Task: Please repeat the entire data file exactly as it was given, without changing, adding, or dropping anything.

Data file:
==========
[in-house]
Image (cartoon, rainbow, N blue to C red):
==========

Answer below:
[in-house]
Image (cartoon, rainbow, N blue to C red):